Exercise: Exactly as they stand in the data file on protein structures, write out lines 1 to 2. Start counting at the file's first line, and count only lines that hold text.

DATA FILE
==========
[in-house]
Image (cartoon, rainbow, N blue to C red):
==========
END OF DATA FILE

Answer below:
[in-house]
Image (cartoon, rainbow, N blue to C red):